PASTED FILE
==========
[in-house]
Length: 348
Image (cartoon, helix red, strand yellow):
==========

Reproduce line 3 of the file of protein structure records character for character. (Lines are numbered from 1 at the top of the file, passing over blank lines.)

Image (cartoon, helix red, strand yellow):